“I don’t see [the barrage of lawsuits] as a backlash to the #MeToo movement,” Hathaway said. “It’s a backlash to the if-you’re-accused-you’re-guilty movement.”
“Saying ‘believe all the women’ is like saying ‘believe all the men,’” he added. “What does that leave you with?”
UC and Cal State officials have said they believe their Title IX processes are “fair, respectful to all parties, and comply with state and federal law.”
Brett Sokolow, the president of the Association of Title IX Administrators, told the Times that more than 300 students have filed lawsuits contesting their Title IX punishments. He estimated that as many as 20,000 students at 4,500 different U.S. colleges and universities may have been disciplined for sexual misconduct.
“If one case succeeds,” Sokolow told the newspaper, “it opens the floodgates for others.”
K.C. Johnson, a professor at Brooklyn College and expert on due process in college sexual-assault cases, told The Baltimore Sun that due-process lawsuits against colleges and universities have increased from about one per year from the mid-1990s to 2011 to about one a week over the past two years.
In addition to the boom in class-action and due-process claims against universities, the Sun reported last month that defamation suits are being increasingly deployed by men in the wake of the #MeToo era to clear their names and to get their records expunged—or to pressure an accuser to drop their complaints.
The tactic was used by three former baseball players from the University of Maryland who sued a woman after she accused them of raping her in 2017. The men denied the allegations, claiming instead that the woman engaged in consensual sex.
Then they sued her for defamation.
“Over the last three and half years, there’s been far more legal action brought by men charged by the institution with a sexual-assault violation,” Saunie Schuster, who co-founded the Association of Title IX Administrators, told the Sun. “The trend was for them to file an action against the institution for due process, but along the way, we started seeing them not just going to file action against the institution, but also civil actions against the victims.”
Michelle Simpson Tuegel, who represented an accused student in a due-process Title IX lawsuit against Texas A&M in 2017, and has since represented gymnast survivors in the Nassar cases, pointed to the “chilling effect” that defamation lawsuits can have on survivors.
“It seems to me that it’s just another way to bully victims into being silent,” Simpson Tuegel said.
“There has to be some due process, and I think people have a right to have an attorney and to know the accusations against them,” she added. “But in these cases, it does more harm than good for both sides, and it very rarely is successful.”
Seattle attorney Bruce Johnson says lawsuits like the one at Baylor, which he described as part of the “surge in retaliatory lawsuits,” are still often intended “to frighten the complainant.”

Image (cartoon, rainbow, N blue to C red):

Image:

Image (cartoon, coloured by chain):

“It makes it very difficult for women to be able to tell their story,” Johnson told The Daily Beast. “I routinely receive phone calls from women who are worried about this precise problem: retaliatory lawsuits.”
“For many victims, it’s a recurring nightmare,” he said.
Ohio lawyer Eric Rosenberg told The Daily Beast on Monday that he has represented more than 20 students in lawsuits in which accused have sought legal recourse over what he called false allegations of sexual misconduct, including a student who filed suit against Purdue University in June.
“If you’re found responsible for sexual misconduct at a university in America, your future is arguably over,” said Rosenberg. “The lawsuit is the only way that these students are able to move on professionally and academically.”
“I have zero tolerance for sexual assault, I really do. But what’s happening in many of these proceedings is, you don’t get the evidence. You don’t get to hear or see the materials that are being used to reach a decision,” he said. “Students leave disciplinary proceedings often feeling that there’s a complete lack of transparency.”
Schools enforced Title IX with less rigor before 2011 because of the high standard of proof that was required in such proceedings. But during the Obama administration, federal guidance changed to a “preponderance of the evidence” standard for Title IX cases, meaning the accuser had only to show that the incident was more likely than not to have occurred.
Critics of the Obama-era federal Title IX guidance, including Rosenberg, say those guidelines made it harder for students to defend themselves—and are responsible for the increase in litigation.
Education Secretary Betsy DeVos rescinded more than 20 Obama-era guidelines last year and in February proposed a set of controversial regulations that bolster the rights of the accused. (The ACLU at the time said the regulations would “make schools less safe for survivors of sexual assault and harassment.”)
“These lawsuits are not a response to the #MeToo movement, they’re a response to the fact that the students’ professional and academic lives have been terminated,” said Rosenberg. “Their primary goal is to have their academic record expunged so that they can move on.”
“If they can’t get that, they can’t move on,” Rosenberg added.